Fourth Sunday of Lent
Fourth Sunday of Lent Homily Transcript
There was a bus ride from upper New York way down to Florida, and it was just before spring break, so the bus ride was full of college students. But there was one gentleman in the back of the bus who was a little bit disheveled, a little bit, his clothes weren’t matching, he was looking pretty sad for himself. And the college students lovingly referred to him as “the loser”.
They would talk about “the loser” and they finally sent somebody to go be nice to “the loser”, and somebody brought him a Coke. And he accepted the Coke, and the college students, one college student, and the man started talking back and forth. And the gentleman shared with the college student his story. And this was his story.
He had been in prison in upper state New York. He’d been in prison. And he had, he was married, and when he started his prison sentence four years ago, he told his wife, “I’m not gonna communicate with you, “because I want you to be free to do whatever you wanna do.” But sure enough, a couple of weeks before he was to be let out, to be released, he sent a note to his wife and said, “Okay, my love, “I care for you deeply, “but I know that it’s been four years. “If you’ll have me back, “just do one thing. “On the outside of town, “that big oak tree before you get into town, “just put a yellow ribbon there, “and I’ll know you’ll have me back.”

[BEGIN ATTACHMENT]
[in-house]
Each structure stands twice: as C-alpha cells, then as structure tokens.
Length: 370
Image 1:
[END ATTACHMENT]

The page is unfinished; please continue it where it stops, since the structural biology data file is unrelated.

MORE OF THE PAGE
Well, all the college students were aghast that this was about to transpire. That he was about to find out in just a few more miles what was gonna be his fate, being welcomed back home by his wife and forgiven, or not. And so it put a hush over the whole bus as they anxiously were waiting to find out what was going to be the answer. There was a silence amongst all these anxious college students. And they went through the twists and turns, and finally came to the last turn before the town. And all the college students looked out the window with anxious anticipation. And they didn’t see a bow on the tree. They saw 200 bows on the tree. From the very top to the very bottom was filled with yellow bows put there by the wife, saying, “Welcome home. “I forgive you.”
In this Lenten season we have this powerful gospel of the man who was blind and was able to see. We know that Jesus’ love is without bounds, Jesus’ mercy is without bounds, Jesus’s compassion is without bounds. We know that we ourselves not only look for mercy, but we also have to forgive others. Did you ever notice in the Our Father that there’s only one phrase that’s conditional? “Forgive us our trespasses “as we forgive those who trespass against us.” Did you notice that? That we’re called to forgive. And if we can forgive, how much more merciful is our loving God through Jesus our Savior?
In this Lenten season we’re called to reconcile ourselves, really make time to reconcile ourselves. ‘Coz we all know that there’s things for which we need to be forgiven. We all know that. I know that first and foremost. How do we use this Lenten season as the time for that reconciliation? We know Jesus’ mercy is without bounds. Let us avail ourselves to that mercy. Let us pass our forgiveness to those that we have to forgive as well. Amen?
– [Congregation] Amen.
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